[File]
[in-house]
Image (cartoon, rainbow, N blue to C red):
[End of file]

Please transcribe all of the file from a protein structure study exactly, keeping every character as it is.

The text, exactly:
[in-house]
Image (cartoon, rainbow, N blue to C red):